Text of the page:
Contracts of Sale
Fraudulent Sales; Assignments; Gifts, &c.
Principal and Agent, or Factor; Broker; Lien, &c.
Bills of Exchange; Interest; Usury
Crimes and Misdemeanors
Law of Nations.
Origin and Progress
of the Law of Nations; the Natural, Customary,
and Conventional Laws of Nations
The Jurisdiction of
Nations; their mutual Rights and Obligations;
the Rights of Embassadors, Ministers, &c.
Offensive and Defensive
War; just Causes of War; Reprisals;
Alliances in War
Declaration of War;
its Effect upon the Person and Property of the
Enemy’s Subjects; Stratagems in War; Privateering
Rights and Duties of
Neutral Nations; Contraband Goods; Blockade;
Right of Search; Safe Conducts and Passports; Truces; Treaties of
Synopsis of the State Constitutions.
Constitution of the United States
Government Class Book.
Principles of Government.
Mankind fitted for Society, and for Civil Government and Laws.
Sec.1. Mankind are social beings. They are by nature fitted for society. By this we mean that they are naturally disposed to associate with each other. Indeed, such is their nature, that they could not be happy without such association. Hence we conclude that the Creator has designed men for society. It can not, therefore, be true, as some say, that the savage state is the natural state of man.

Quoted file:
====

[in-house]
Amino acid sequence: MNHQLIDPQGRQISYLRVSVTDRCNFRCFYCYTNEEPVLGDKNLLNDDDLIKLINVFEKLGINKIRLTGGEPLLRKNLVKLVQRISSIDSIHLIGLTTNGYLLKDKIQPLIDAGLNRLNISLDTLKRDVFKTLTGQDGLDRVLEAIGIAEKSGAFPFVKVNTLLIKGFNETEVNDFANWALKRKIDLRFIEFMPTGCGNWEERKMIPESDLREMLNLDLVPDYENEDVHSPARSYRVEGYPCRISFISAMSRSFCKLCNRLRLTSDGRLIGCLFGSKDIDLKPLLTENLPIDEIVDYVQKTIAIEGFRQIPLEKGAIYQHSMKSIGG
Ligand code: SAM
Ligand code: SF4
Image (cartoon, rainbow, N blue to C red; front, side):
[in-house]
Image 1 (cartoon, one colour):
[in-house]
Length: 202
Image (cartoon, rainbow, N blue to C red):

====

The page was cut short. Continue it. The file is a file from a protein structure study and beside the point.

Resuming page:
Sec.2. Man is so formed that he is dependent upon his fellow men. He has not the natural strength of other animals. He needs the assistance of creatures like himself to protect and preserve his own being. We can hardly imagine how a person could procure the necessaries of life without such assistance. But men have the gifts of reason and speech. By conversation they are enabled to improve their reason and increase their knowledge, and to find methods of supplying their wants, and of improving their social condition.